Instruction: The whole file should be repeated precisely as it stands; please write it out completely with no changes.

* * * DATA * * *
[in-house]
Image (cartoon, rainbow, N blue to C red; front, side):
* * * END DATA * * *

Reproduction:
[in-house]
Image (cartoon, rainbow, N blue to C red; front, side):